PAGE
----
Welcome to The Woodstock Bookshop

The shop opened in May 2008 and is on the main road in Woodstock, just next to the bus stop. We can supply most books to order by the next day and have several thousand books in stock: to order books ring or email the shop. We have a large selection of children's books and are happy to advise and recommend. We can also supply second-hand and out-of-print titles. We offer discounts for school orders and for book clubs and have a free local delivery service.

We were on the regional shortlist for Independent Bookshop of the Year in 2009, 2013 and 2017, and listed in the recent Independent's Top 50 UK Bookshops.

BOOKSHOP TALKS
We hold a series of informal talks and readings throughout the year. If you buy any book at the talk the cost of the ticket will be deducted. Please ring or email to book a place - early booking advisable.

The Woodstock Literature Society and Wootton Village Hall also hold excellent series of monthly talks - do visit their websites for further details.

Twitter: @WoodstockBooks

Wednesday, 19 November 2014

A few pictures from Woodstock Poetry Festival

What a festival! So many fantastic readings in one weekend - Carol Ann Duffy filled St Mary Magdalene and it was great to see so many people from Woodstock and so many regular customers there. 

Saturday's readings were just as well attended - Stanza 2 from Oxford all read their work, and we had tea afterwards in the church hall so people could chat. 

Peter Macdonald, who lives in Woodstock, introduced Michael Longley and the hour that followed was very special. One of the poems he read was Marigolds 1960, and if you click here you can hear him reading it - and introducing it, too: his introductions were perfect, leading you gently to the poems so that when he read each one you encountered it as something already slightly familiar.

The Irish theme continued with an evening of poems and music from Irish traditional singer Mick Henry, a regular at the Half Moon in Oxford on Sunday evenings; guitarist Nick Hooper (who runs pop-up folk sessions in Stonesfield) and poet Bernard O'Donoghue, with often reads with Mick. Mick perched on Mr Taylor's old work-stool, left in the kitchen here since I took the shop over from the electrical business in 2008 - I knew it would come in useful some time! The reading by Michael Longley had been so extraordinary it didn't seem as though it would be easy or even possible to follow, but the music created a wonderful atmosphere in the church and framed the poems perfectly and the magic continued. We had more people than we could fit and have promised to try and do another similar evening.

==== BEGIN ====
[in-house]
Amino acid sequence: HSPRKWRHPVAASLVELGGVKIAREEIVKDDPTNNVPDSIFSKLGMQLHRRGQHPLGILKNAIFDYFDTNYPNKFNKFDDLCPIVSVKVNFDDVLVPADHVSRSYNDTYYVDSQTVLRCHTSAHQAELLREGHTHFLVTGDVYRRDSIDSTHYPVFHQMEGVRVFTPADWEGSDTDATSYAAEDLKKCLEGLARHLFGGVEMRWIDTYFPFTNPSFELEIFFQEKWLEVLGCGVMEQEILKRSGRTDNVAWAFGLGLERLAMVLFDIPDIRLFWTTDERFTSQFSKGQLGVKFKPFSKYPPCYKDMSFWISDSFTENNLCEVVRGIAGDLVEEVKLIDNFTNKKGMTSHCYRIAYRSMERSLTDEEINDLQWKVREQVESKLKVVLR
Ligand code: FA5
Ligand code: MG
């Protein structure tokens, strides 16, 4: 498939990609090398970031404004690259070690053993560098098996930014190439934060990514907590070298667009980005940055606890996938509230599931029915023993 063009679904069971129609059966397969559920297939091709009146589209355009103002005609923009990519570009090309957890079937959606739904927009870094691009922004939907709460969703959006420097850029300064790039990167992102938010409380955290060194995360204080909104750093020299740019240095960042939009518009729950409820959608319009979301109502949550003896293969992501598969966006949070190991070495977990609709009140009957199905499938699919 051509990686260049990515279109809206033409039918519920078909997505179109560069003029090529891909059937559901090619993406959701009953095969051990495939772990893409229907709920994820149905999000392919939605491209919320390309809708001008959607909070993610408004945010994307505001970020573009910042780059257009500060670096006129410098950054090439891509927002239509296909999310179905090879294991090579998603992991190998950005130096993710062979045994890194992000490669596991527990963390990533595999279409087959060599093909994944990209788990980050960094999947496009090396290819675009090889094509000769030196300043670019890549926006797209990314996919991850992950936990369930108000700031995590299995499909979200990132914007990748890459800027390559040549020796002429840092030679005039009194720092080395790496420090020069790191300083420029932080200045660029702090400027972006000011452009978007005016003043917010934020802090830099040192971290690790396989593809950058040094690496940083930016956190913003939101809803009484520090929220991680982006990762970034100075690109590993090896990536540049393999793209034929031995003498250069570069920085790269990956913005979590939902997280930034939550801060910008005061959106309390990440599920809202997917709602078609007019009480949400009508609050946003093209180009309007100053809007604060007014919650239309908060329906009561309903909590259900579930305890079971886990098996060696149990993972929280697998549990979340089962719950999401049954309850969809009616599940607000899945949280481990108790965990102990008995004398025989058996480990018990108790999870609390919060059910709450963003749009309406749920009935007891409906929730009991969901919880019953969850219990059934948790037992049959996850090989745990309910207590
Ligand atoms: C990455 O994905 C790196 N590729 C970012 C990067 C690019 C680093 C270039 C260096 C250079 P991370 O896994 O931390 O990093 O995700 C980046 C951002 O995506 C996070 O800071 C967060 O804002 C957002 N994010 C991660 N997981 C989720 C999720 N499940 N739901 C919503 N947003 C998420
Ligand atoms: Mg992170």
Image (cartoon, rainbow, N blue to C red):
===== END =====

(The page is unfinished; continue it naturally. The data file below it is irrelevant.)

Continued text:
The Carcanet reading on Sunday was a particularly moving event - they each read beautifully - below is a taster, the title poem from Andrew McNeillie's collection:

Winter Moorings

Anchored stern and bow, sea-logged to the gunwales:
So I have moored my mind for the winter ahead.
To be the more sea-worthy if all else fails 
Come better weather and spring buries its dead.

Neil Astley had driven all the way down from Newcastle for his introduction to Rosemary Tonks - he and Jo Shapcott gave an excellent introduction to Rosemary Tonks' poems - Jo read several and described how she had got to know the poems; Neil filled us in on the biographical background and told us how he finally published her work.

Liz Berry and Katrina Porteous had never met and never read together before, though Liz has long known and been influenced by Katrina's work. Together they wove a very particular and electric magic. Both are brilliant performers - Liz is elfin, with an unexpectedly husky and arresting voice and she reads with the most tender Black Country accent; Katrina filled the church with resonant declamations (at one stage getting the audience to participate in a choral poem) and brought the language of Northumberland fishermen alive again for us - as someone wrote to me yesterday, 'that was a stunning festival, with superb poets and an enthusiastic audience. The women at start and finish shone out like diamond bookends.'

Jenny Lewis organised a Poetry Platform in The Woodstock Arms (who kindly served soup) - a lovely way to end the festival, sitting in the pub listening to local poets... 


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(left to right) Andrew McNeillie, Jenny Lewis and John Greening, three Carcanet poets


Michael Longley signing a book for Pat Winslow


Neil Astley with Rosemary Tonks' niece 


(left to right) Cathy O'Neill and her daughter Emily Pritchard with Jo Shapcott 
having tea following the Rosemary Tonks reading



Katrina Porteous signing books


Liz Berry reading in Woodstock Methodist Church...


...and signing afterwards


The end of Carol Ann Duffy's reading - she can just be seen in the far distance standing on the left, while I, an equally tiny figure, am thanking her!